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Be Ready To Answer These 5 Questions From Your Designer

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Vignette Designer By Casa Vilora Interiors

There is no doubt that communication is one of the most important hallmarks in the designer/client relationship. It is very important to have certain conversations from the first contact a designer has with their client, and certainly a lot of questions that must be answered to determine if there is a good fit

In my early career, many years ago during the recession, when that office phone rings with a brand new prospect, I would be so excited that I would often forget to ask some of the important questions that are now mandatory in my on-boarding process. Needless to say, things would pop up that would catch me off guard. Fortunately nothing that was ever super serious that couldn't be remedied, but some valuable lessons were learned and new systems built as a result.

White upholstered day bed
Guest Bedroom Designed By Veronica Solomon | Casa Vilora Interiors

The headline may have led you to believe that these questions are high drama, but honestly, they are simple questions that should be obvious, but I know designers who don't bother to ask them.

They don't have to be asked in the way I outline them below, but they must be asked, and I'll explain why.

If you are getting ready to shop for a designer for your next project, whether it is a decorating project, remodel or new build, be ready to answer these questions to start off right, and on the same page.

1- Have You Worked With A Designer Before?

What's the big deal with this question? Why is it so important? Why should it matter if you've worked with a designer before? Well it can matter, but not always. First of all, if you have worked with a designer before, you may already understand how we work in general. But all designers, and I mean pretty much all of us, work differently. There may be some new expectations that need to be managed. It would be fairly easy for you to assume that your new designer should work exactly the same way as your former designer, when nothing could be further from the truth. That question will open up the conversation and gauge your expectation of the process, and of course the opportunity to educate you on their actual process, design fees and ways to communicate.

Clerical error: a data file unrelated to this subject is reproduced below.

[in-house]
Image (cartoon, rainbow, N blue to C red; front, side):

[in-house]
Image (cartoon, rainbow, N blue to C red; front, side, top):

It also becomes important if you as the client would prefer not to work with the designer again due to a disappointing outcome or experience. While I would never probe for details of that experience, I would likely want to know what was disappointing so I can be sure to avoid that, or at least talk about it. Typically a client will call in the same designer for future projects, and frankly, we all aim for that. So when we find clients looking to work with us after working with a designer in the past, it does raise a question for us.

2- How Do You Prefer To Work?

Over the years, I have had many clients who have different expectations of how the design process actually works. Not that they should know, but they do have their own expectations. Some think they are required to be super hands-on and involved in every minute detail, while some prefer to be completely hands-off and trust the project in our capable hands, and some who are somewhere in between. This question helps us to determine where you are on this spectrum. We are flexible, and we can pretty much work however you prefer to work, but we do need that information upfront to determine our role and the scope of work and deliverables we are responsible for.

So for example if a client says that they enjoy doing their own shopping because it brings them immense joy, then we know that they do not need a full service project from us, but instead a design plan that we hand to them and they can do their own shopping with a list we provide them. Can you see how that could be a problem down the line if that is not asked and answered upfront? These are two totally different services with two completely different deliverables and fees. Imagine us trying to do what our client hired us to do, when they are off doing the same thing because they enjoy it. A lot of time and money would be wasted, and that could lead to some serious breakdown in communication later.

3- What Is The Total Investment You Are Prepared To Make?